In an age of political correctness, this is one film that well and truly breaks the mould … and then some. Hotel Coolgardie is a warts-and-all look at Australia’s ugly drinking culture and its impact.
Walk into any bar across outback Australia and there’s a good chance your beer will be poured by a young female backpacker on a working holiday visa. And so it is at the only pub in the remote mining town of Coolgardie, where the arrival of a new pair of foreign barmaids every few months is a welcome change of scenery.
As the hotel’s tough-as-nails proprietor, Coffey, will tell you, he’s supplied the town with literally hundreds of barmaids over the past 18 years. For some of his motley mix of customers – conditioned by the coarseness and isolation of life out there – the “changeover” of the barmaids is a chance to chat with a new face from another walk of life. It’s a splash of femininity to break the monotony of their otherwise hyper-masculine lives. For others, “fresh meat” behind the bar is an opportunity “to tag it – to put their names to it first”.
Fresh off the plane (having recently been robbed of their travel savings in Bali) and attracted by the idea of an authentic outback experience, Finnish traveling companions Lina and Steph are the latest foreigners en route to a dot on the map more than 500 kilometres inland from Perth. At first taken by the warmth of the inhabitants, it isn’t long before they find themselves victims of its strange culture of insularity, alienation and impunity.
Harangued by a scathing new boss and subject to relentless mockery and come-ons from booze-addled patrons, they struggle to find a foothold in a world that is as claustrophobic as it is isolated. In limbo, somewhere between being desired and disdained, Lina and Steph’s only hope is to try to connect with the people around them. Forced to navigate relationships fraught with drunkenness, misguided sexual advances and the simmering inner conflicts of would-be companions, the girls’ working holiday becomes a test of endurance.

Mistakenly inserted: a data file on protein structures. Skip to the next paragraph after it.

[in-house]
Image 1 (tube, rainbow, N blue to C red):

With its unblinking, fly-on-the-wall approach, Hotel Coolgardie is an unsettling journey deep into an outback Australia you certainly won’t see on glossy travel shows.
West Australian director, cinematographer, sound technician and editor Pete Gleeson first encountered the hotel around 15 years ago. He was there first as a visitor passing through Coolgardie, then again on a stint in the goldfields as a labourer. Eating and drinking at the bar at night, Gleeson got to know the inimitable, larger-than-life proprietor, Coffey and encountered many of the unique characters that populated the pub.
The way I saw it, these Finnish girls were mere pawns set up for failure from the get-go. It all starts when the bar owner promotes the arrival of the new staff – who are about to embark on a three-month stint to earn some money – on a chalkboard sign outside his pub. The blokes who frequent the place do everything but drool at even the prospect of these newbies.
The European ladies land in this backwater totally unprepared and meet a bunch of largely socially inept, inebriated patrons – largely men, but some women too – a number of whom try to put the hard word on them.
I am somewhat amazed the filmmakers received permission to shoot half this vision. While what Hotel Coolgardie showed was not pretty, it was certainly illuminating. It presents Australians in a particularly bad light … as a bunch of losers, no hopers and drunks. I loved the film’s raw truthfulness, while despairing at the uncouth nature of what is revealed. So, in a few words – for better or worse, bogans rule! Rated MA, Hotel Coolgardie scores a 7½ out of 10.
Director: Pete Gleeson
Release Date: 15 June 2017 (limited)
Rating: MA 15+
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David Edwards is the editor of The Blurb and a contributor on film and television